Nobody wants to hear a diagnosis of cancer (or, in medical terms, neoplasia), a condition which brings up many emotions and requires a number of important decisions to be made. You may know a person who has suffered from cancer and although tumours in cats are very similar to tumours in people, the treatment options are often very different so it is important not to draw too many conclusions without first getting all the facts. Chemotherapy in cats, for example, does not usually cause discomfort or hair loss as it does in people and can result in a good quality of life for a significant period of time.
If your cat has been given a diagnosis of cancer, and particularly if your vet has been able to identify the type of tumour present, it’s worth learning as much as you can about the condition and any possible therapies. Many specialist veterinary centres offer oncology services so you may want to speak with your vet about referral if you are open to pursuing treatment.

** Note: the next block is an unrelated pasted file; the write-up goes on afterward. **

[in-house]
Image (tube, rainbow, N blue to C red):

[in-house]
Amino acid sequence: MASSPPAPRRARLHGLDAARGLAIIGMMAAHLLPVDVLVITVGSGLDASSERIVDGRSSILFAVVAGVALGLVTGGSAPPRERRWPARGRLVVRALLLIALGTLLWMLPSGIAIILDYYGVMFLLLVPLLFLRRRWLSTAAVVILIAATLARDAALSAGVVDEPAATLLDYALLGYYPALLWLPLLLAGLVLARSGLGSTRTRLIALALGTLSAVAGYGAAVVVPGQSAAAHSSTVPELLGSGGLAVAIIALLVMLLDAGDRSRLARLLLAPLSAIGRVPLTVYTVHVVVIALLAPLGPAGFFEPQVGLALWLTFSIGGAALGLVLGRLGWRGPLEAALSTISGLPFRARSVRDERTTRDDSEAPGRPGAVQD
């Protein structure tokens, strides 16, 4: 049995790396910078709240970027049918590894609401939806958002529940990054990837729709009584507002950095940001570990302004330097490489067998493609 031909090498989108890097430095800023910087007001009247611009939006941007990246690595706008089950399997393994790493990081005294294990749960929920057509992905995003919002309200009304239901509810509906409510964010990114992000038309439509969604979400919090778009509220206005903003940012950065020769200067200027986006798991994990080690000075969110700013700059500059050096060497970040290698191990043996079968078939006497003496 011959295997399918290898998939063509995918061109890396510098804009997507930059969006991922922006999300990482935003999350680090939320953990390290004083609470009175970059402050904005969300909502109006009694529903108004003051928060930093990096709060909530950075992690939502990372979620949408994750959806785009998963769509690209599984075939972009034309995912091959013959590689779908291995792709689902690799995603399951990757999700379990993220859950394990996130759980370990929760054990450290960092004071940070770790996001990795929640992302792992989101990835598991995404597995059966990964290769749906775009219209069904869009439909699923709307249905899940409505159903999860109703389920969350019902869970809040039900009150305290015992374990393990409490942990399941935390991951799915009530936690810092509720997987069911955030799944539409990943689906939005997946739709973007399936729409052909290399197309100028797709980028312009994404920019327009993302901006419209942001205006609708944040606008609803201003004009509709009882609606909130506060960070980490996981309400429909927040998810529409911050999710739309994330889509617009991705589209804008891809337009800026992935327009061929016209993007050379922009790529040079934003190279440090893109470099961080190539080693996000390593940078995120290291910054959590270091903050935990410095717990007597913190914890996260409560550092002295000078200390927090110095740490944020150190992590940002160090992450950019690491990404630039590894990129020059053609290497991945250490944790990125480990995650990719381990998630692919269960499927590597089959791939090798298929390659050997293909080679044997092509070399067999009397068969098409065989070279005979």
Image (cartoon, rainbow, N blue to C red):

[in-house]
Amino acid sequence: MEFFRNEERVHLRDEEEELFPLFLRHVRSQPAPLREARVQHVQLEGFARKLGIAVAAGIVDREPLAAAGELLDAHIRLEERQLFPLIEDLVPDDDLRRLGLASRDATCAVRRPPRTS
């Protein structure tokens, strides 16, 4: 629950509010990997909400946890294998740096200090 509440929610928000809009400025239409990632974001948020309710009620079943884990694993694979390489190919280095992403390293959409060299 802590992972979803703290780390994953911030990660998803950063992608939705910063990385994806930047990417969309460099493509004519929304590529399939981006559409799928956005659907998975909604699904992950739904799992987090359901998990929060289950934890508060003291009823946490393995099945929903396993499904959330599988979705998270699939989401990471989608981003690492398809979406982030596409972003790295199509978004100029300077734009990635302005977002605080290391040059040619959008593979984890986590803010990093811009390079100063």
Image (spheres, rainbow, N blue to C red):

- Cornell University Feline Health Centerwww.vet.cornell.edu/FHC/health_resources/topics.cfm — they offer several good pages on various topics including an excellent video overview of cancer, specific pages on squamous cell carcinoma and lymphoma, and a guide to caring for your cat with cancer at home.
- International Cat Carewww.icatcare.org/advice/cat-health/z-conditions-and-treatments — again, several excellent pages on specific tumours and also a good overview of cancer and the possible treatment options. Simply scroll down the page until you find C for cancer.
- The Blue Crosswww.bluecross.org.uk/1957-2760/coping-with-cancer.html — they have a concise FAQ on cancer which may be a good place to start.